Coronavirus (COVID-19): UK government support

The latest updates and information on how to protect your business

We know there are huge concerns regarding the potential impact of Coronavirus and we’re doing all we can to support the business community through these challenging times. We’ve suspended our events programme until the end of May and will review this in due course.

If you have an enquiry about Coronavirus , please complete the Dorset Gateway Business Support Form and return to gateway@dcci.co.uk to help us respond to you as quickly as possible.

Alternatively, please call the team on 01202 714800.
We are receiving high volumes of enquiries and we will respond to you as quickly as possible.

Please scroll down to access advice and support on coronavirus, including Government financial support.

Updated: 01.04.20

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Guidance for Employers and Businesses

This guidance will assist employers, businesses and their staff in addressing coronavirus (COVID-19). This guidance may be updated in line with the changing situation so please refer back to this page for updates.

 

Guidance for Employees

This includes guidance on if you have symptoms, sick pay, furloughed (laid off) workers, benefits and rent payments. This guidance may be updated in line with the changing situation so please refer back to this page for updates.

 

COVID-19: guidance for employees, employers and businesses

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The Chancellor has set out a package of temporary, timely and targeted measures to support public services, people and businesses through this period of disruption caused by COVID-19, full details are on the Government guidance, and on the Government Business Support website, which are both being continually updated.

This includes a package of measures to support businesses including:

    • a Coronavirus Job Retention Scheme
    • deferring VAT and Income Tax payments
    • a Self-employment Income Support Scheme
    • a Statutory Sick Pay relief package for small and medium sized businesses (SMEs)
    • *a 12-month business rates holiday for all retail, hospitality, leisure and nursery businesses in England
    • small business grant funding of £10,000 for all business in receipt of small business rate relief or rural rate relief
    • grant funding of £25,000 for retail, hospitality and leisure businesses with property with a rateable value between £15,000 and £51,000
    • the Coronavirus Business Interruption Loan Scheme offering loans of up to £5 million for SMEs through the British Business Bank
    • a new lending facility from the Bank of England to help support liquidity among larger firms, helping them bridge coronavirus disruption to their cash flows through loans
    • the HMRC Time To Pay Scheme

 

*Business rate relief has been expanded as to which businesses qualify for relief and there will be no rateable value limit on the relief. Full details here.

 

Support for self-employed announced 26 March 2020

The Self-employment Income Support Scheme (SEISS) will support self-employed individuals (including members of partnerships) who have lost income due to coronavirus (COVID-19).

This scheme will allow you to claim a taxable grant worth 80% of your trading profits up to a maximum of £2,500 per month for the next 3 months. This may be extended if needed.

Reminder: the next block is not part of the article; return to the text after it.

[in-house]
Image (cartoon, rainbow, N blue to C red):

Claim a grant through the Self-employment Income Support Scheme

 

Information on Receiving the Dorset Council Grants

Dorset Council requires you to complete a business information gathering form to help them ensure the right grants are paid to the right businesses and to validate the information needed to process the grants. Please visit their website to check your eligibility and complete the form.

 

Information on Receiving the BCP Council Grants

BCP Council has uploaded grant fund forms for the Small Business Grant Fund and the Retail, Hospitality and Leisure Fund. Please visit their website to check your eligibility and download, complete and return the form to BCP Council.

 

Check the business support website for answers to frequently asked questions.

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Information for parents and carers about the closure of schools and other educational settings following the outbreak of coronavirus (COVID-19). This page will be updated as we have further information available.

1. Closures of schools, childcare and other educational settings

1.1 What age groups does this cover?

The changes cover children at registered childcare providers (including nurseries and childminders), primary and secondary schools and further education colleges. This is for both state-funded and independent schools.

1.2 Will it be mandatory for all schools, colleges and registered childcare providers to remain open in some form?

We are asking schools, colleges, nurseries, childminders and other registered childcare settings to remain open for children of critical workers and vulnerable children where they can.

We understand that some may be unable to do so especially if they are experiencing severe staff shortages. We will work with local areas to use neighbouring schools, colleges and childcare providers to continue to support vulnerable children and children of critical workers.

1.3 How long will schools and colleges be closed for?

Due to the coronavirus outbreak, schools, colleges and childcare providers will be closed to the majority of pupils until further notice.

1.4 Will this apply to independent schools and boarding schools?

Yes. We are asking independent schools and boarding schools to do the same as state schools and remain open for critical workers and vulnerable children.

1.5 Will registered childcare providers, schools and colleges be open over Easter holidays for holiday clubs and childcare?

Where possible, we would encourage childcare providers, schools and colleges to continue to look after critical workers’ children and vulnerable children throughout the Easter holidays.